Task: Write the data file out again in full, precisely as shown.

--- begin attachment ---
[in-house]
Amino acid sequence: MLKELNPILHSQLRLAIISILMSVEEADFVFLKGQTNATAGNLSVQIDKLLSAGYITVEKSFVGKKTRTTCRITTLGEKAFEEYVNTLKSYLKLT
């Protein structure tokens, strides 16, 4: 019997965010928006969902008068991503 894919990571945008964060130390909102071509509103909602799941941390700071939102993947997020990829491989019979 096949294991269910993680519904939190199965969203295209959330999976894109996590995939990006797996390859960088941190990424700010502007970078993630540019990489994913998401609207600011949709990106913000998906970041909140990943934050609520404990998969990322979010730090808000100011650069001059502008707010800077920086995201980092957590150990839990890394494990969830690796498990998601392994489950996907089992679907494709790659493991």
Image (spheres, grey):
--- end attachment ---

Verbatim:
[in-house]
Amino acid sequence: MLKELNPILHSQLRLAIISILMSVEEADFVFLKGQTNATAGNLSVQIDKLLSAGYITVEKSFVGKKTRTTCRITTLGEKAFEEYVNTLKSYLKLT
């Protein structure tokens, strides 16, 4: 019997965010928006969902008068991503 894919990571945008964060130390909102071509509103909602799941941390700071939102993947997020990829491989019979 096949294991269910993680519904939190199965969203295209959330999976894109996590995939990006797996390859960088941190990424700010502007970078993630540019990489994913998401609207600011949709990106913000998906970041909140990943934050609520404990998969990322979010730090808000100011650069001059502008707010800077920086995201980092957590150990839990890394494990969830690796498990998601392994489950996907089992679907494709790659493991």
Image (spheres, grey):